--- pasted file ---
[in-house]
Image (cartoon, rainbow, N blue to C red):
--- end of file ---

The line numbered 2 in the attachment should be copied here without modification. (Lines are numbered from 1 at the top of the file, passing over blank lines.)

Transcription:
Image (cartoon, rainbow, N blue to C red):